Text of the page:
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http://www.raygrant.com :: My album 'Exorcism' is out on iTunes now
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ImAFoolAndImLaughing Offline





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Posted: May 17 2007, 09:28

Could it just be possible that (Shock! Horror!;) Mike actually LIKES Tubular Bells? I think that, for some reason, that's a concept that many of Mike's fans don't like to entertain. Possibly it's because we resist the idea of Mike becoming "Mr. Tubular Bells" when we know he's created so much other brilliant... stuff. Maybe, though - and this is just me thinking aloud (typing aloud?) you understand - maybe Mike doesn't find that label as repellent as we do. Tubular Bells obviously holds a deep significance for him, and resonates with the pain and anguish he was feeling at the time. Perhaps he's still very proud of a record that still makes an appearance whenever somebody holds any of those "Best 100 Albums ever"-type polls.

Tying it to a personal point of view, I've always had dreams of eventually hacking out a career as a playwright. If the first play I ever end up writing was as successful and captured peoples' imaginations in the way that Tubular Bells did, I'd probably be showing it off and talking about it for the rest of my life, too. Is it so wrong for Mike to want to do the same?


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"I was in this prematurely air conditioned supermarket and there were these bathing caps you could buy that had these kind of Fourth of July plumes on them that were red and yellow and blue and I wasn't tempted to buy one but I was reminded of the fact that I had been avoiding the beach."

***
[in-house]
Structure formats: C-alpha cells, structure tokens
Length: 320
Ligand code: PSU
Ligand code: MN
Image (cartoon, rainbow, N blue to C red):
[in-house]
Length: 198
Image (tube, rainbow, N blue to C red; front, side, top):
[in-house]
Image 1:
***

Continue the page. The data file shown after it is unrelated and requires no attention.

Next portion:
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Bill Bobaggins Offline





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Posted: May 17 2007, 09:56

I haven't read the book yet but after watching this video, I feel sad.  I can't quite explain it.

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Navaira Offline





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Posted: May 17 2007, 13:38

Quote (Bill Bobaggins @ May 17 2007, 09:56)
I haven't read the book yet but after watching this video, I feel sad.  I can't quite explain it.

Count me in. Same feeling, same lack of explanation...

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http://www.raygrant.com :: My album 'Exorcism' is out on iTunes now
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Navaira Offline





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Posted: May 17 2007, 13:46

Quote (ImAFoolAndImLaughing @ May 17 2007, 09:28)
Tying it to a personal point of view, I've always had dreams of eventually hacking out a career as a playwright. If the first play I ever end up writing was as successful and captured peoples' imaginations in the way that Tubular Bells did, I'd probably be showing it off and talking about it for the rest of my life, too. Is it so wrong for Mike to want to do the same?